Neuronavigation and brain mapping technologies, including functional MRI and cortical stimulation mapping, aid in precise resections while preserving quality of life. Neurosurgeons can customize procedures to individual brain structures, thereby minimizing permanent deficits. Brain mapping has shown efficacy in reducing permanent deficit rates, increasing gross total resection (GTR) rates, and providing survival benefits. Ideally, a prospective, multicenter trial would address this issue definitively, but challenges in recruitment, follow-up, and ethical considerations make organizing such a trial complex [85,86].
In neuro-oncology, temozolomide has gained attention as a chemotherapy drug, especially due to its ease of oral administration, lower toxicity compared to PCV (procarbazine, lomustine, and vincristine), effective penetration of the blood–brain barrier, and proven effectiveness against glioblastoma. Phase 2 studies have shown temozolomide to be effective against growing LGGs, whether previously exposed to radiation or not, on standard 5-day or alternate schedules like 3 weeks on followed by 1 week off, or 7 weeks on followed by 4 weeks off. Temozolomide has also been associated with improved quality of life outcomes [87].
In the realm of glioma treatment, there exist pivotal inquiries concerning the potential of temozolomide to either supplant radiotherapy or complement it in the management of low-grade gliomas (LGGs). Presently, ongoing clinical trials are diligently endeavoring to elucidate these quandaries. A phase 3 investigation spearheaded by a consortium of European and Canadian researchers is actively scrutinizing this matter by juxtaposing radiotherapy against temozolomide therapy for individuals afflicted with LGGs, with careful consideration being given to the chromosomal 1p status. This comprehensive study aims to assess a gamut of clinical outcomes, encompassing the likes of progression-free survival (PFS), neurocognitive functionality, and overall quality of life [88,89]. Furthermore, there are concerted endeavors to ascertain the advantages of amalgamating temozolomide with radiotherapy, particularly in the context of high-risk LGGs. The Radiation Therapy Oncology Group (RTOG) has successfully concluded its phase 2 inquiry (RTOG 0424), while the Eastern Cooperative Oncology Group (ECOG) has embarked upon a phase 3 exploration (ECOG E3F05). The overarching objective of these initiatives, in conjunction with similar studies unfolding in Europe, is to elucidate the role that temozolomide plays within the treatment paradigm for LGG [88,89].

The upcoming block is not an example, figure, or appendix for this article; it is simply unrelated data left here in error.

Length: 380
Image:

In a separate investigation, a phase II trial delineated its primary objective as evaluating the response to temozolomide (TMZ) among pediatric patients grappling with recurrent or progressive LGG. The inception of this trial emanated from the Preston Robert Tisch Brain Tumor Center at Duke University Medical Center and subsequently expanded to encompass additional clinical sites. Notably, TMZ was administered orally under fasting conditions, with treatment cycles recurring at 28-day intervals. The observed outcomes encompassed partial response (PR) in three patients and minimal response (MR) in one patient, while 42% of patients exhibited stable disease (SD), and an equivalent percentage showed progressive disease (PD) after a minimum of two treatment cycles [90].